The regional dimension was also addressed through the not only ‘internally, but externally’ confederal structure designed by the DPA (Bose, 2007, p. 135). According to the Article I and III of Annex 4 that laid out the constitutional structure of BiH, its citizens could hold double citizenships and the two entities could establish ‘special parallel relationships with neighboring states’ (UNSC, 1995), which allowed the RS and FBiH to respectively establish cooperative ties with Serbia and Croatia in the early 2000s. Diverging from the EC approach towards demarcation of Yugoslavian republics that had failed to ‘reassure those relegated to minority status’ and prompted the ‘downward spiral of suspicion and insecurity’ (Woodward, 1995), the DPA ensured that no ethnic-community felt locked-in in its arrangement. Such was the critical difference between the DPA’s pareto optimality and a state of mutual agitation as manifested in Sri Lanka, where the feeling of entrapment had led the Tamil youth to seek security in a separate state.

Thus, a pareto optimal peace was complete: while not the dominant strategy for any of the ethnonational groups, the consensus against it never reached the tipping point for violence.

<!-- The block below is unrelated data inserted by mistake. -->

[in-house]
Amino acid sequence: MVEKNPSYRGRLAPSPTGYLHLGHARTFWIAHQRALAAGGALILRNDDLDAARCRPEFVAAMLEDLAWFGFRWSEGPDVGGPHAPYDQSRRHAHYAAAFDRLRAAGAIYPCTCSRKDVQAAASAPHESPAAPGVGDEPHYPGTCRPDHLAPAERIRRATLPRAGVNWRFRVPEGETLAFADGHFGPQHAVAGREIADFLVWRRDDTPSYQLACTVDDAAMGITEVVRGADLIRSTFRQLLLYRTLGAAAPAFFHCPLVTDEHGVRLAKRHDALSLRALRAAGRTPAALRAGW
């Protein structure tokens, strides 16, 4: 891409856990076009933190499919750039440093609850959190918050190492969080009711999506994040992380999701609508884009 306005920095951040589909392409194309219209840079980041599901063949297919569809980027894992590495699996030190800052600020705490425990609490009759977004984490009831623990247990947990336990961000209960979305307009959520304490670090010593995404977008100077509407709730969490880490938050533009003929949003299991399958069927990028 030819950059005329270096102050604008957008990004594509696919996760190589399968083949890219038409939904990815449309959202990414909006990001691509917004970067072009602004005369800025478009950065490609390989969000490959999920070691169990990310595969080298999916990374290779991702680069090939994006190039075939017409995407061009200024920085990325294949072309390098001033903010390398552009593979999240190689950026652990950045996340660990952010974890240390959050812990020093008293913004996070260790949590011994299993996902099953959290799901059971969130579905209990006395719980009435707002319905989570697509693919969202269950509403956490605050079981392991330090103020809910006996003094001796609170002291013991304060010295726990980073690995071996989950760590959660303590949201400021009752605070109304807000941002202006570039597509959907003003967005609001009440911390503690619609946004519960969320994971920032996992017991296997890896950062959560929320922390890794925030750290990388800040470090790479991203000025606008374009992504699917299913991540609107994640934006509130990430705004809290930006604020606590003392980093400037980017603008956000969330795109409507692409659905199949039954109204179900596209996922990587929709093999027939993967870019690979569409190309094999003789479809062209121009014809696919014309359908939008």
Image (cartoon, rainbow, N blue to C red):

The major criticisms for the DPA deserve scrutiny to make the assessment complete. Some criticise that power-sharing based on ethnic parity discourages cross-cutting cooperation and perpetuates ethnonational politics. However, the BiH context where there was extreme fear of potential relegation into minority status points to the case-specific desirability of majoritarian democratic system, a consideration that could also have been vital for the case of Sri Lanka where the Westminster-style democracy morphed into an ethnic-democracy. Scholars like Horowitz who favour a middle-ground based consociationalism could have argued for alternative arrangements to marginalise the nationalists and empower the moderates. However, as previously elaborated, BiH lacked the popular political moderates and cross-ethnic parties to constitute a robust political system by themselves and it was also unlikely an option without a guarantee for collective political representation would have been welcomed by any of the ethnic-communities. The DPA was not an ‘indulgence of identity fetishism but a practical response’, to the undeniable reality of ethnic divisions in the BiH politics (Bose, 2007, p.140).